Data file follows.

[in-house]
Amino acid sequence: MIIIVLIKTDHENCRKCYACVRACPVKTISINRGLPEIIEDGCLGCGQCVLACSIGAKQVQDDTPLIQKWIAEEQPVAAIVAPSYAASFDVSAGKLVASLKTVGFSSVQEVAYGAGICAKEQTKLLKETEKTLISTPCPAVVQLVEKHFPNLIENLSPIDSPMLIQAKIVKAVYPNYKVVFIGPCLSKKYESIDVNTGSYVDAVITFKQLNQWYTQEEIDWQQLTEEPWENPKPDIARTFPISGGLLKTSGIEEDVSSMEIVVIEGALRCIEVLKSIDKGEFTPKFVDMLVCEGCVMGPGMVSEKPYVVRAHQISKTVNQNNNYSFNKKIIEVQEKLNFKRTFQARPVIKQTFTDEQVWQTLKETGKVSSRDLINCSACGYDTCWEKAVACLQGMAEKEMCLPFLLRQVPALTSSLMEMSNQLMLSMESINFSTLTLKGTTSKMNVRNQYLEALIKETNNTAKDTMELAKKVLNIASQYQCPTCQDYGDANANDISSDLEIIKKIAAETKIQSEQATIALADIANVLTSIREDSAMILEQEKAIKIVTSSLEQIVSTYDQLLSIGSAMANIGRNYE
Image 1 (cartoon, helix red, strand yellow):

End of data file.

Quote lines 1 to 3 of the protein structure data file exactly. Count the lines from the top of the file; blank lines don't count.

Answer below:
[in-house]
Amino acid sequence: MIIIVLIKTDHENCRKCYACVRACPVKTISINRGLPEIIEDGCLGCGQCVLACSIGAKQVQDDTPLIQKWIAEEQPVAAIVAPSYAASFDVSAGKLVASLKTVGFSSVQEVAYGAGICAKEQTKLLKETEKTLISTPCPAVVQLVEKHFPNLIENLSPIDSPMLIQAKIVKAVYPNYKVVFIGPCLSKKYESIDVNTGSYVDAVITFKQLNQWYTQEEIDWQQLTEEPWENPKPDIARTFPISGGLLKTSGIEEDVSSMEIVVIEGALRCIEVLKSIDKGEFTPKFVDMLVCEGCVMGPGMVSEKPYVVRAHQISKTVNQNNNYSFNKKIIEVQEKLNFKRTFQARPVIKQTFTDEQVWQTLKETGKVSSRDLINCSACGYDTCWEKAVACLQGMAEKEMCLPFLLRQVPALTSSLMEMSNQLMLSMESINFSTLTLKGTTSKMNVRNQYLEALIKETNNTAKDTMELAKKVLNIASQYQCPTCQDYGDANANDISSDLEIIKKIAAETKIQSEQATIALADIANVLTSIREDSAMILEQEKAIKIVTSSLEQIVSTYDQLLSIGSAMANIGRNYE
Image 1 (cartoon, helix red, strand yellow):